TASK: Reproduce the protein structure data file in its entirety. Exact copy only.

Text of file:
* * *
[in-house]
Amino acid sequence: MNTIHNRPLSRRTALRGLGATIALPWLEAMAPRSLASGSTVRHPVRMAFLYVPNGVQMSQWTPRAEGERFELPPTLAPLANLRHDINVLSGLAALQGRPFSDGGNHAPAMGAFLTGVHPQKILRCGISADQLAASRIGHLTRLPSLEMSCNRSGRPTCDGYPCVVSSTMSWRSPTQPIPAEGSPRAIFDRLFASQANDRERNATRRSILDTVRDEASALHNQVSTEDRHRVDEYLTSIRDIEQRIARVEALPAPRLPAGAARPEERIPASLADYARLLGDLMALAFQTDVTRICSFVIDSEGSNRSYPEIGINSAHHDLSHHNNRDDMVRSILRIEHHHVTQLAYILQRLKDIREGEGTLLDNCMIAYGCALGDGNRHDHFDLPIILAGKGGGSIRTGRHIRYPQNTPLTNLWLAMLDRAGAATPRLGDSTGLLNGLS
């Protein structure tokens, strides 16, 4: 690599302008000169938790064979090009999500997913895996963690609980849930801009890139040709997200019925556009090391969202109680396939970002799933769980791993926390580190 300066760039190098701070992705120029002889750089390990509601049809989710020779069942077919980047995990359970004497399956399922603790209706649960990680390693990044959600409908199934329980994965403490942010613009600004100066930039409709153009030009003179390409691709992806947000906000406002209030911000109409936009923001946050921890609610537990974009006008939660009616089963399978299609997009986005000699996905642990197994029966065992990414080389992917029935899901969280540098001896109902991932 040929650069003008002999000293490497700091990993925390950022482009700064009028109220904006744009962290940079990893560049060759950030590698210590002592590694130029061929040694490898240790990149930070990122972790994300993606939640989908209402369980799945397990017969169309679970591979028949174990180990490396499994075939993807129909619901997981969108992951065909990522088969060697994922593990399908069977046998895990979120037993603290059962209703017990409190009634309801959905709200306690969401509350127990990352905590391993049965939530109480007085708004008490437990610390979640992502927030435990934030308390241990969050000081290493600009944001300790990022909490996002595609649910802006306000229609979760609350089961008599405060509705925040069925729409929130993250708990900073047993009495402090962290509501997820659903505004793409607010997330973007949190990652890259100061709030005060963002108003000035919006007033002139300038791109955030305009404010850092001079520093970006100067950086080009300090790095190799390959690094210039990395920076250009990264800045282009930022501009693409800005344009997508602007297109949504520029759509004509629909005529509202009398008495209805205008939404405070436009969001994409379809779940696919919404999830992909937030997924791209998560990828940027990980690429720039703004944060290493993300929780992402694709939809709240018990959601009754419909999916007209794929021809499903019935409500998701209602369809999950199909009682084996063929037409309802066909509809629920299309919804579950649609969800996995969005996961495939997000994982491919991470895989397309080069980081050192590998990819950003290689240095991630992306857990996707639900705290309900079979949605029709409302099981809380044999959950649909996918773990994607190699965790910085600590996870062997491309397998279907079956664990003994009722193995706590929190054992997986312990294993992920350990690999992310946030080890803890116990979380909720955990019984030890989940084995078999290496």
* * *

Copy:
[in-house]
Amino acid sequence: MNTIHNRPLSRRTALRGLGATIALPWLEAMAPRSLASGSTVRHPVRMAFLYVPNGVQMSQWTPRAEGERFELPPTLAPLANLRHDINVLSGLAALQGRPFSDGGNHAPAMGAFLTGVHPQKILRCGISADQLAASRIGHLTRLPSLEMSCNRSGRPTCDGYPCVVSSTMSWRSPTQPIPAEGSPRAIFDRLFASQANDRERNATRRSILDTVRDEASALHNQVSTEDRHRVDEYLTSIRDIEQRIARVEALPAPRLPAGAARPEERIPASLADYARLLGDLMALAFQTDVTRICSFVIDSEGSNRSYPEIGINSAHHDLSHHNNRDDMVRSILRIEHHHVTQLAYILQRLKDIREGEGTLLDNCMIAYGCALGDGNRHDHFDLPIILAGKGGGSIRTGRHIRYPQNTPLTNLWLAMLDRAGAATPRLGDSTGLLNGLS
């Protein structure tokens, strides 16, 4: 690599302008000169938790064979090009999500997913895996963690609980849930801009890139040709997200019925556009090391969202109680396939970002799933769980791993926390580190 300066760039190098701070992705120029002889750089390990509601049809989710020779069942077919980047995990359970004497399956399922603790209706649960990680390693990044959600409908199934329980994965403490942010613009600004100066930039409709153009030009003179390409691709992806947000906000406002209030911000109409936009923001946050921890609610537990974009006008939660009616089963399978299609997009986005000699996905642990197994029966065992990414080389992917029935899901969280540098001896109902991932 040929650069003008002999000293490497700091990993925390950022482009700064009028109220904006744009962290940079990893560049060759950030590698210590002592590694130029061929040694490898240790990149930070990122972790994300993606939640989908209402369980799945397990017969169309679970591979028949174990180990490396499994075939993807129909619901997981969108992951065909990522088969060697994922593990399908069977046998895990979120037993603290059962209703017990409190009634309801959905709200306690969401509350127990990352905590391993049965939530109480007085708004008490437990610390979640992502927030435990934030308390241990969050000081290493600009944001300790990022909490996002595609649910802006306000229609979760609350089961008599405060509705925040069925729409929130993250708990900073047993009495402090962290509501997820659903505004793409607010997330973007949190990652890259100061709030005060963002108003000035919006007033002139300038791109955030305009404010850092001079520093970006100067950086080009300090790095190799390959690094210039990395920076250009990264800045282009930022501009693409800005344009997508602007297109949504520029759509004509629909005529509202009398008495209805205008939404405070436009969001994409379809779940696919919404999830992909937030997924791209998560990828940027990980690429720039703004944060290493993300929780992402694709939809709240018990959601009754419909999916007209794929021809499903019935409500998701209602369809999950199909009682084996063929037409309802066909509809629920299309919804579950649609969800996995969005996961495939997000994982491919991470895989397309080069980081050192590998990819950003290689240095991630992306857990996707639900705290309900079979949605029709409302099981809380044999959950649909996918773990994607190699965790910085600590996870062997491309397998279907079956664990003994009722193995706590929190054992997986312990294993992920350990690999992310946030080890803890116990979380909720955990019984030890989940084995078999290496």